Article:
These ladies, strolling down a busy street in Acapulco, sure make their loads look easy to carry. One even keeps both of her hands free.
I giggled as I compared their poise to my recent, and graceless, wrestling with suitcases and stuff. It's easy to get bogged down, but buoyancy is possible!
Which brings me to the important question about your freedom I'd like to ask you. But first, let's be clear and precise with our language:
Freedom is defined as "the power or right to act, speak or think as one wants without hindrance or restraint."
And, for our purposes, those last 4 words do not include hurt or harm to another. So, my question to you is, how much of that power or right do you exercise in your life? How often -- in your relationships, in your work, in your daily decisions -- do you exercise your power and your right to act, to speak and to think as you want? If not very, very often, WHY???
Whether you are restrained by:
* a tyrannical national government;
* a tyrannical negative inner voice; or
* more likely, both of the above!
... you can regain and enjoy more freedom. But there is some honest and daring work required. Here are three things I've been practicing:
1. Be quick to question. Any person, organization or system that tries to rule over you, should quickly be scrutinized... and likely, rejected. Would you ever consciously give your consent to another to rule over (e.g. master) you? Then don't do so, unconsciously.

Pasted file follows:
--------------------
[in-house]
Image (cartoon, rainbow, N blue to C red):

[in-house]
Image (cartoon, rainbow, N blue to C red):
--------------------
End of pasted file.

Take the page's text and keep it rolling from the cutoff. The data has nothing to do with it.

2. Be slow to judge. Every person, without exception, knows something useful that you do not. Stop dismissing people based on shallow presumption and prejudice. Go deeper. Listen harder. Learn something amazing from an unlikely teacher.
3. Be intolerant of oppression. Anarchy -- or voluntaryism -- is a supremely ethical and philosophical ideal that CAN be lived into. When freedom is pursued, and traced to its utmost, you will find humans co-existing without compulsion and coercion. (Or, at the very least, working toward that end.) In a world that seems intent to domesticate, dominate, colonize and modify all life forms, anarchists steadily hold and develop strategies for personal sovereignty.
Freedom is not an imaginary unicorn. It is an innate birthright, that is too often infringed upon by inner and outer bullies. I'm grateful to be at Anarchapulco, surrounded by so many bold, brave, lovers of peace and freedom.
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